I’ve been looking through a bunch of old White Dwarf magazines to read up on the Warhammer Underworlds articles that I always used to skip, given my new-found obsession with that game, and I thought I’d take a look at the Flashpoint stuff that was published there at the end of 2020. A three-part narrative campaign system, Flashpoint: Argovon System gives a narrative rule set for games that follow the developing story of the Task Force XI.
The system is deep within the Pariah Nexus, and forms a site of strategic importance in the Imperium’s war against the Necrons, which seems to be the main focus for 9th edition. In the first part of the campaign, we have Theatres of War rules for three distinct worlds, as well as a set of eight new Agendas. The planet rules are wonderful additions, giving rules such as ‘Miserable Weather’ on Sarronik, or ‘Avalanche Risk’ on Hishrea. I love stuff like this, though it does tend to be forgotten about when you’re trying to cope with a myriad other rules going on!
The Agendas are very interesting, especially because they’re pretty much all for armies that don’t have codexes yet, so it gives a nice bit of extra crunch when playing games. There is one for the Necrons, though, as we’d probably expect from the narrative. These all gain a mix of war zone points, which contribute to the win conditions, and experience points.
Part two gives correspondingly fewer rules than the first part, but does give us bespoke missions to play. Both are for the Crusade system, which I still need to properly understand but seems to fit strongly with narrative play. Each mission has custom stratagems and agendas, to further add to the unfolding story, though part two is mainly about the xenotech!
A new agenda, Search for Xenotech, allows infantry and biker units to search terrain to gain one point; there are four universal stratagems that can be used for one xp and one cp, giving benefits of cover as well as providing pretty offensive benefits in the shooting phase. Some quite nice effects there, which will perhaps make the agenda action worth performing!
Xenotech continues to be important in the third and final part of the campaign, where players get to choose a stratagem from a list of six on offer, starting with the player who has the most points. The stratagems are quite nice, and I think they’re probably geared towards those armies who don’t yet have a codex to give them more options. I’m not sure I could say they would make it worthwhile gathering as much Xenotech as I could during the previous campaign phase though!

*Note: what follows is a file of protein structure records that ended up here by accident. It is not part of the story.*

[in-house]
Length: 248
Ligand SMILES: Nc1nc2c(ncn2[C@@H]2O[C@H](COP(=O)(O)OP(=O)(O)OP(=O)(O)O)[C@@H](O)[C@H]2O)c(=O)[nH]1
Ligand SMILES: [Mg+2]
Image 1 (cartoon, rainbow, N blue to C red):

We also get two more Crusade missions, following the story of the Argovon war. Lastly, we have the rules that come at the end of the campaign, assigning battle honours and crusade relics. These are quite nice, as it happens, and the relics are only available to those players with XP. So I guess there’s the incentive!
Overall, there are some pretty great things going on with this idea of Flashpoints – while the rules are perhaps a little more sparse than I’d have thought would come in this kind of thing, I suppose the rules team don’t want to lavish too much work on this kind of transient content. The real meat, though, comes in the narrative bumph included in the articles. Each instalment runs to more than 20 pages, making this about half the size of a regular campaign book from 8th edition. The articles are all written from an in-universe perspective, and alongside the main text we have plenty of additional material, such as journal extracts, and planetary profiles. It really reads like the kind of material you’d find in a sourcebook for a role-playing game. It’s the sort of effort that I really appreciate, and makes me feel ever more justified when my wife asks me why I’m keeping old magazines!
We’re currently now in the middle of the Charadon War Zone, which seems to link in with the Book of Rust, so I guess that we can see these types of Flashpoint articles continue in White Dwarf for a long time to come! They’ve even bled into the Mortal Realms to tie in with the Broken Realms series. It does seem like a great use of space within the White Dwarf magazine – my only criticism of it all really is that it’s coming out in the middle of a global pandemic, when we’re not able to meet up so freely with friends and play games!
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